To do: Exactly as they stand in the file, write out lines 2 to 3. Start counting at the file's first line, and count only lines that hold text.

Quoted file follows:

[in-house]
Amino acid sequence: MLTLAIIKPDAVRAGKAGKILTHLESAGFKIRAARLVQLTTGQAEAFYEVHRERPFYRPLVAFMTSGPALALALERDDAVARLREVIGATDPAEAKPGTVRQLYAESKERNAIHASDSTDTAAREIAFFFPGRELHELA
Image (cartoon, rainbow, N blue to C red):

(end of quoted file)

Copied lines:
Amino acid sequence: MLTLAIIKPDAVRAGKAGKILTHLESAGFKIRAARLVQLTTGQAEAFYEVHRERPFYRPLVAFMTSGPALALALERDDAVARLREVIGATDPAEAKPGTVRQLYAESKERNAIHASDSTDTAAREIAFFFPGRELHELA
Image (cartoon, rainbow, N blue to C red):